Budgeting is important for any small business because it enables you to come up with an estimation of what is needed in terms of dollars. Estimating and matching expenses to revenue (real or anticipated) helps small business owners to determine whether they have enough money to fund operations, expand the business and generate income for themselves. Without a budget or a plan, a business runs the risk of spending more money than it is taking in or even not spending enough money towards the growth of the business.
Planning the budget
- Check the industry standards
Do some homework and check your local library for information about the industry, talk to local business owners etc. This will enable you to have a rough idea of the industry, not specifics.
- Make a Spreadsheet
You need to construct a spreadsheet to estimate what total dollar amount and percentage of your revenue will need to be allocated toward raw materials and other costs. This should be done for other expenses too like Rent, Taxes, Insurance etc.
- Look to cut costs
Consider cost cutting, look for items that can be controlled to a large degree. You can also wait to make purchases until the start of a new billing cycle or take full advantage of payment terms offered by suppliers and any creditors.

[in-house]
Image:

- Factor in Some Slack
Note that, though you may estimate that you will generate a certain rate of revenue growth, or certain expenses will be fixed/controlled this is not guaranteed to go the way you have planned. Therefore, it is important to factor in some slack and make sure you have more than enough socked away or coming in before expanding the business or taking on new employees.
- Review the Business Periodically
Small businesses should review their businesses more often especially if their businesses are quite volatile.
- Shop around for services/suppliers
Shopping around for suppliers will enable you save money on other services being performed for your business. This can and should be done at various stages, including when purchasing or starting up a business, when setting annual or monthly budgets or during periodic business reviews.
Budgeting remains a key process that business owners use to forecast and then match current and future revenue to expenses. This is to make sure that enough money is available to keep the business up and running, to grow the business, to compete and to ensure that you have enough funds for emergency purposes.